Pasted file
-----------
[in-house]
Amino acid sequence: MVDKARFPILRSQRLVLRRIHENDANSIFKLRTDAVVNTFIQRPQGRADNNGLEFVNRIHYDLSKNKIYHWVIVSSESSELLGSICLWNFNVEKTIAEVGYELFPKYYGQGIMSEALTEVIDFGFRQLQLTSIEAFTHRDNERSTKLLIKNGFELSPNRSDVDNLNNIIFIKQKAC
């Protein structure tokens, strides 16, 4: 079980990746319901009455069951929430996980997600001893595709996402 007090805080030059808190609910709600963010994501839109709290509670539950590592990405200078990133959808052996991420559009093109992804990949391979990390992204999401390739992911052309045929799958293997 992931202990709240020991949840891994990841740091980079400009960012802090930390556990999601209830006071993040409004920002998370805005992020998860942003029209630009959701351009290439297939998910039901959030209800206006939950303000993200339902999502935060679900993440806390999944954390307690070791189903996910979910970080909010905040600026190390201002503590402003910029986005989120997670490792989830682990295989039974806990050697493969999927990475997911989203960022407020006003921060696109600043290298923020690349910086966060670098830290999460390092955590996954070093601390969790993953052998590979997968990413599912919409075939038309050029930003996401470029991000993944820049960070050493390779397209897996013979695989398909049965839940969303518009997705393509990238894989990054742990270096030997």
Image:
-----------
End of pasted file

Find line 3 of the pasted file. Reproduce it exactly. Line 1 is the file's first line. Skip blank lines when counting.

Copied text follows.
């Protein structure tokens, strides 16, 4: 079980990746319901009455069951929430996980997600001893595709996402 007090805080030059808190609910709600963010994501839109709290509670539950590592990405200078990133959808052996991420559009093109992804990949391979990390992204999401390739992911052309045929799958293997 992931202990709240020991949840891994990841740091980079400009960012802090930390556990999601209830006071993040409004920002998370805005992020998860942003029209630009959701351009290439297939998910039901959030209800206006939950303000993200339902999502935060679900993440806390999944954390307690070791189903996910979910970080909010905040600026190390201002503590402003910029986005989120997670490792989830682990295989039974806990050697493969999927990475997911989203960022407020006003921060696109600043290298923020690349910086966060670098830290999460390092955590996954070093601390969790993953052998590979997968990413599912919409075939038309050029930003996401470029991000993944820049960070050493390779397209897996013979695989398909049965839940969303518009997705393509990238894989990054742990270096030997």